rtems_ramdisk_config on leon2

Aitor Viana aitor.viana.sanchez at esa.int
Tue Jan 29 02:32:06 CST 2008


Hi Alan,

yes, of course, I will send you my RTEMS implementation by today. Let me
just clean it up a little bit ;)

But the question is still open, Can be modified at execution time the
rtems_ramdisk_configuration RTEMS structure? Or is needed to get it defined
already at compilation time.

Best regards,

Aitor


On Jan 28, 2008 7:15 PM, Alan Cudmore <Alan.P.Cudmore at nasa.gov> wrote:

> Hi Aitor,
> You are a little ahead of us with using the OSAL to format and mount
> filesystems on RTEMS :) I can try to run this on my Coldfire/RTEMS
> system, but I might need to get your RTEMS implementation to try it out.
>
>
> For everyone else, I can provide a little background on what we are
> trying to do :
> We use the OSAL to run our generic software on a wide range of
> operating systems. When it comes to file systems we want to do the
> following things:
> 1. Keep consistent path names in our software. For example we have
> the following pathname in the OSAL: "/ramdisk/apps/myfile.dat"
> Using the OSAL it might map to the following on different systems:
> Windows : "F:\apps\myfile.dat"
> Linux:        "/home/alan/embedded/ramdisk/apps/myfile.dat"
> vxWorks:   "RAM:0:/apps/myfile.dat"
> RTEMS:    "/ramdisk/apps/myfile.dat"  ( as you can see a system like
> RTEMS might not really need this )
>
> 2. Use the same API to format and mount different volumes. The format
> is mostly used to create RAM disks on systems such as vxWorks or
> RTEMS . Then the mount command can be used to either mount the file
> system, or in the case of running the application on a desktop
> system, it can just set up the path mapping ( would not want the
> application to start making filesystems on someones desktop Windows
> or Linux system )
>
> So the generic OSAL application might look like:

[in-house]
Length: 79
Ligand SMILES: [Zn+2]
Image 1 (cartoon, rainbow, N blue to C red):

>
> OS_mkfs ( ... )
> OS_mount ( ... )
> OS_open ( "/ramdisk/apps/myfile.dat", ... )
>
> And it can run on multiple platforms without changing this code.
>
> Now in practice, this file system layer has worked, but it has proven
> to be one of the more confusing aspects of the OSAL. Many of our apps
> now just have the BSP setup all of the filesystems we need using the
> native calls and use the OSAL to simply provide the filename/path
> translation. If it is used this way, it can probably be greatly
> simplified and even have it's mapping information read from a text
> file, rather than being compiled in.
> The only drawback would be the inability to create new RAM disks on
> the fly.
> I'm interested in opinions on how useful this type of path
> translation is.
>
> Alan
>
>
> On Jan 28, 2008, at 10:53 AM, Aitor Viana wrote:
>
> > Hi all,
> >
> > I am trying to set up the filesystem capabilities under the OSAL
> > layer over RTEMS. Basically implementing mount, unmount and mkfs
> > routines.
> > I want to have capabilities to mount external RAM disk filesystems,
> > mapped out from the kernel space, in an SDRAM memory placed from
> > 0x60000000 on for instance.
> >
> > The OSAL layer gets this volume table structure:
> >
> > OS_VolumeInfo_t OS_VolumeTable [NUM_TABLE_ENTRIES] =
> > {
> >     /* Dev Name  Phys Dev  Vol Type        Volatile?  Free?
> > IsMounted? Volname  MountPt BlockSz */
> >     {"unused",   "unused", FS_BASED,        TRUE,      TRUE,
> > FALSE,     " ",      " ",     0        },
> >     {"unused",   "unused", FS_BASED,        TRUE,      TRUE,
> > FALSE,     " ",      " ",     0        },
> >     {"unused",   "unused", FS_BASED,        TRUE,      TRUE,
> > FALSE,     " ",      " ",     0        },
> >     {"unused",   "unused", FS_BASED,        TRUE,      TRUE,
> > FALSE,     " ",      " ",     0        }
> > };
> >
> >
> > and I already performed a sort of translation to RTEMS declaring
> > this structure hereafter:
> > fstab_t OS_MountTable[NUM_TABLE_ENTRIES] =
> > {
> >     {OS_VolumeTable[0].DeviceName, OS_VolumeTable[0].MountPoint,
> > &msdos_ops, RTEMS_FILESYSTEM_READ_WRITE, FSMOUNT_MNT_OK |
> > FSMOUNT_MNTPNT_CRTERR | FSMOUNT_MNT_FAILED, 0 },
> >     {OS_VolumeTable[1].DeviceName, OS_VolumeTable[1].MountPoint,
> > &msdos_ops, RTEMS_FILESYSTEM_READ_WRITE, FSMOUNT_MNT_OK |
> > FSMOUNT_MNTPNT_CRTERR | FSMOUNT_MNT_FAILED, 0 },
> >     {OS_VolumeTable[2].DeviceName, OS_VolumeTable[2].MountPoint,
> > &msdos_ops, RTEMS_FILESYSTEM_READ_WRITE, FSMOUNT_MNT_OK |
> > FSMOUNT_MNTPNT_CRTERR | FSMOUNT_MNT_FAILED, 0 },
> >     {OS_VolumeTable[3].DeviceName, OS_VolumeTable[3].MountPoint,
> > &msdos_ops, RTEMS_FILESYSTEM_READ_WRITE, FSMOUNT_MNT_OK |
> > FSMOUNT_MNTPNT_CRTERR | FSMOUNT_MNT_FAILED, 0 }
> > };
> >
> >
> > The other thing we need is the rtems_bdbuf_configure structure, is
> > defined as: